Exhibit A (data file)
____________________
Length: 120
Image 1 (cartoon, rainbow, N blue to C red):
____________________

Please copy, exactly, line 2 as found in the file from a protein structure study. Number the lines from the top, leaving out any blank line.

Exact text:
Image 1 (cartoon, rainbow, N blue to C red):